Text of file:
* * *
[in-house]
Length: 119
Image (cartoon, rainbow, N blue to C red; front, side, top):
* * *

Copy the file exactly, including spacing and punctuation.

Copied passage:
[in-house]
Length: 119
Image (cartoon, rainbow, N blue to C red; front, side, top):